When launching an application often times its hard to anticipate the right amount of memory, CPU and IOps needed in the Virtual Machines that will run it. For many applications the answer is to scale VMs horizontally. Typically this means adding more smaller virtual machines as current virtual machines come under heavier load.

That works excellently for things such as 12 factor apps, however when it comes data applications such as Elastic Search, MongoDB, Cassandra, or Postgres it isn't so easy to anticipate that.

So what do you do? Usually DevOps teams just launch the VMs with more specs than they probably need to avoid running into problems in the future.

Often times this could lead to huge cloud deployments with over-sized VMs. The process of figuring out the correct size is also not very straight-forward as every cloud platform has a myriad of VMs, each with different characteristics.

VM Rightsizing

That's were VMPower's VM Rightsizing feature comes in. Rightsizing is the task of figuring out the best VM type on your cloud platform for your application workload.

Resize VM screenshot

VMPower collects key Virtual Machine data points including, IO transfer counts, disk read/write throughput, memory consumption and CPU utilization to make data-driven recommendations about the type of VM that best fits your work-load. Using this data VMPower will identify possible monthly savings if you choose to resize your instances.

It's not just for cloud savings though. VMPower will also detect if a VM has the potential risk of being under resourced:

Resize VM screenshot 2

For reach recommendation, we offer a detailed explanation of what utilization metric triggered our recommendation as well as the cost or savings difference versus the current VM.

You can always view the detailed VM metrics to verify the recommendation and let us know how accurate it is using the feedback buttons.

Methodology

For every cloud platform, compute is generally categorized by:

  • Memory Capacity
  • CPU Capacity
  • IOps Capacity

Using the data points we collect we can accuratley fit your application load to an appropiate VM on your cloud provider which will either optimize performance, or help you save.

For every metric (Memory, CPU, IOps) we operate on a scale with 'rungs'. We always recommend a VM one 'rung' up or down (with respect to the metric).

Rightsizing Diagram

Each metric has 3 possible recommendations:

  • No Change: We think the current VM's configuration is either appropriate or not possible to change in the direction necessary.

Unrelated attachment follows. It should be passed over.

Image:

• Scale Up: We think the current VM is potentially pushing its limits on this particular metric.
  • Scale Down: Based on the time window, we think this VM is very far from ever pushing its capacity in this metric.

We combine the three metrics and match it to the instance type which fits the recommendation for each metric.

A Conservative Approach

The heuristics in VMPower will change based on user feedback, however in general the ideology is to be conservative.

VMPower generally categorizes data points as high utilization, spikes or low utilization. When a ratio of high utilization data points, vs all data points is reached, we may consider that VM as pushing its scale.

Recommendations generally go one 'rung' at a time. That is, if you are running on an 8 vCPU instance, we would only recommend scaling down to a 4 vCPU instance and not a 2, or 1 vCPU instance.

IOps

We know that understanding VM utilization by averages isn't reflective on how that VM is actually used in the real world. Which is why VMPower explicitly does not make recommendations simply based on statistical averages.

Whenever we see spikes in the data window, it reduces our heuristic scoring heavily as it demonstrates that your VM experiences spikes in utilization, that may seriously push the capacity of a smaller VM type.

For example, the chart below shows an Azure Standard DS1 IOps activity for a 1 day window. This machine is actually used as one of VMPower's CI machines using Drone CI:

Azure VM IOps Graph

If this was, for example, a regular Azure D series VM with Standard storage (non-SSD) VMPower would detect that this VM has only 1 disk, and would only output 500 IOps maximum. In that case we would see a Scale Up recommendation.

Similarly, if the IOps capacity was well above the peaks of this graph, a Scale Down recommendation will be produced.

CPU

CPU capacity on cloud providers generally increase or decrease by a factor of 2. So this means that when VMPower recommends a scale down of CPU compute it is because the CPU utilization of your current VM is so low, that if you had 1/2 of the compute capacity, you would still have plenty of CPU capacity in case of spikes in utilization.

Memory

Memory scaling is much more granular compared to CPU. In comparison to IOps and CPU utilization, memory usage tends to vary much less. The same heuristic however applies here and we either recommend scaling up to the next available size or down.

AWS Rightsizing

AWS Virtual Machines don't report memory statistics by default.

If we see that you have AWS instances without memory information, you'll see a prompt to copy and paste a one-line script that will setup your VM to report memory utilization to AWS CloudWatch:

AWS Script Dialog

Simply copy and past this into your AWS VM and it will start reporting VM memory utilization every 5 minutes.

Coming Soon: One-click Resizes

We'll soon have the ability to carry out resizes directly from VMPower if your provide Azure VM Contributor Access or AWS EC2 Write IAM access to VMPower.